5. Fisher JT, Hawley LSH: A Few Buttons Missing. Philadelphia JB Lippincott, 1951, p 14.

6. Dewey J: The primary education fetish. Forum 1898; 25:314-328

7. Skeels HM: Adult Status of Children with Contrasting Early Life Experiences: A follow-up study. Chicago, Univ. of Chicago Press, 1966.

8. Geber M: The psycho-motor development of African children in the first year, and the influence of maternal behavior. J Soc Psychol 1958;47: 185-195

9. Mermelstein E, Shulman LS: Lack of formal schooling and the acquisition of conversation. Child Dev 1967;38:39-52

10. Goodlad JI: A study of schooling: Some findings and hypotheses. Phi Delta Kappan 1983;64(7):465

11. McCurdy HG: The childhood pattern of genius. Horizon 1960;2:33-38

12. Bronfenbrenner U: Two Worlds of Childhood; US and USSR. New York, Simon and Schuster, 1970,pp97-101.

13. Bloom BS: All Our Children Learning. Wash. DC, McGraw-Hill, 1980

14. Hoffman BH: Do you know how to play with your child? Women’s Day 1972;46:118-120.

15. Farran D: Now for the bad news….Parents Magazine 1982 (Sept.)

Journal of School Health February 1986, Vol. 56, No. 2 73

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Thank you, Raymond and Dorothy Moore.

Dare to Home School   7 comments

 Dare to Home School

Education is the continuation of God’s creation of a human life.

This idea comes from author and scholar Dr. Neil Flinders. Think about it: the instant the baby leaves the womb  –and even before leaving the womb–  he/she is beginning to learn. He gains knowledge from us as parents, from the beginning– language skills, the ability to eat, to feel love, to hear music and to absorb all our “norms”.

Why do so many parents feel pain when they send their five-year-olds to kindergarten– and cry?

They are giving away the child.  For most of the day, for the rest of their lives, that child belongs to the school system, not to the parent.  It often feels like the wrong thing to be doing. And maybe it is.

When I mention that I’m home schooling my fourth grader, I often get this response: “Oh, I wish I could do that. I don’t dare. I am not ____ enough.”   (adjectives vary– organized, smart, brave, educated, confident, etc.)

It is sad that there are parents out there who long to spend more time with their own children, who would be experiencing the academic miracles and family joys that home school parents see, but something holds them back.

So I’m writing today to the parents who are almost ready to home school their children.  I encourage you to jump in. Those who want to home school, but don’t do it, usually state either: 1) I don’t know what I would teach, or 2) My child needs peers for social development:

1. I don’t know what I would teach/ I am not educated enough to teach.

There is a misperception that “real” teachers have fairy dust or all-powerful diplomas that make them fundamentally different from you. But every parent, like every child, has got a combination of gifts and weaknesses.

The teaching diploma is Dumbo’s feather. (Remember the story? Dumbo did not really need the feather to fly; it made him think he could fly but he already had that ability without it.)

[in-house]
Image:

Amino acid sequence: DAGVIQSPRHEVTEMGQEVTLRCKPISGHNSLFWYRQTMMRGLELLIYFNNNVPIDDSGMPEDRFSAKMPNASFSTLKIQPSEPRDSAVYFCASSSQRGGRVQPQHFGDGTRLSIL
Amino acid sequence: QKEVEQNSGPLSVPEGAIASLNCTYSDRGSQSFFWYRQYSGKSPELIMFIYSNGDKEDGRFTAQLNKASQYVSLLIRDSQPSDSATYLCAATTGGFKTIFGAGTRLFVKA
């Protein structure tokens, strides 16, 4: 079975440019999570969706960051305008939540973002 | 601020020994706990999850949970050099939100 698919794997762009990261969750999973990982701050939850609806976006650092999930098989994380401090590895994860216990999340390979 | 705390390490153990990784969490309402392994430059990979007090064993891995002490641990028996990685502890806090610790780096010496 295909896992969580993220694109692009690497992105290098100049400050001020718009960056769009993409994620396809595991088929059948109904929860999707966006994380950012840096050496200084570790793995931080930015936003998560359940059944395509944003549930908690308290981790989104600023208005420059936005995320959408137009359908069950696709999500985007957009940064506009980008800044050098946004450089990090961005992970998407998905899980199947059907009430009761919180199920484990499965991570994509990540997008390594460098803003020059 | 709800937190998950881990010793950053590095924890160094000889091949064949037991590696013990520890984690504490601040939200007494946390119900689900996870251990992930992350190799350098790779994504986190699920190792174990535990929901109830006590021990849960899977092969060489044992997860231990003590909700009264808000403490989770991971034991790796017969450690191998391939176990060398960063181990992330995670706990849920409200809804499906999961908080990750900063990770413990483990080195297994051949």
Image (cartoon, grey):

I know this because I learned next to nothing of actual value in my CSUSB teaching program. The valuable stuff came from mentors and from personal experience.

And, guess what? Even though I am a credentialed teacher and have taught third grade, high school and college for years and years and years, still, when it came time to make the choice whether to home school or not, I froze.

I felt a heavy responsibility to make sure my son received the very best education I could possibly acquire for him. Could I do it without authority figures and lists of rules and tests and bureaucratic ideals to follow? Seriously! I was nervous.

That heavy responsibility is on us whether we choose to home school or not.

The responsibility for what a child learns and becomes is not the government’s or the school system’s. It’s ours as parents, and always has been.

There are so many curricula, programs, textbook series, online ideas and sets of standards that your problem won’t be: “what will I teach?” It will be “what must I leave out” because there is so much you can do.

Just start researching what other successful home school parents do. Then make up your own mind which method sounds the very, very best– to you. You are in charge and you know your child better than anyone on the earth.

So trust your judgment as you would have trusted a favorite principal or mentor in the past.

Studies show that even home schooling parents with low levels of education wind up with children that are better educated than children who attend public schools.   See:  http://www.mireja.org/articles.lasso

I can see why. Home school works more like the brain works. A child studies a topic, thinks about it, gets questions, and goes to find answers for those questions almost immediately. You don’t have to wait for the whole class to get to the topic. Curiosity stays fresh. Students learn more quickly and more specifically to how the mind works.  And if a child especially loves art, math, physics or sewing, he/she may advance in that area much more than he or she could in most one-size-fits-all public systems.

If there’s a subject you fear teaching, GET OVER IT.  Those oft-hated subjects, of math, history or science are only hard when you have had boring teachers in your past. There’s a spoonful of sugar element most math-haters or history-haters or other subject-haters, have never seen.